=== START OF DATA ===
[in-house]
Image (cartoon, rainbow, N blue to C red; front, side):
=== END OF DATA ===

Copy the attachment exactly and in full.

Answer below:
[in-house]
Image (cartoon, rainbow, N blue to C red; front, side):